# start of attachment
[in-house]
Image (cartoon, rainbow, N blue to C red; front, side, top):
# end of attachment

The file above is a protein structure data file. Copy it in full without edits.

[in-house]
Image (cartoon, rainbow, N blue to C red; front, side, top):